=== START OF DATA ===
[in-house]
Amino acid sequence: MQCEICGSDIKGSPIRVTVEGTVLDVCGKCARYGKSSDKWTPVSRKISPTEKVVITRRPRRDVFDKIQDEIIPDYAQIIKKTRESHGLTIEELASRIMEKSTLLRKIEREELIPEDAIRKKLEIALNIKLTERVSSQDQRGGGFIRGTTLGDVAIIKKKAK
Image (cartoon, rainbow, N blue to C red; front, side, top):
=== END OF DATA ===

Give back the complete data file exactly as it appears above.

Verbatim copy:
[in-house]
Amino acid sequence: MQCEICGSDIKGSPIRVTVEGTVLDVCGKCARYGKSSDKWTPVSRKISPTEKVVITRRPRRDVFDKIQDEIIPDYAQIIKKTRESHGLTIEELASRIMEKSTLLRKIEREELIPEDAIRKKLEIALNIKLTERVSSQDQRGGGFIRGTTLGDVAIIKKKAK
Image (cartoon, rainbow, N blue to C red; front, side, top):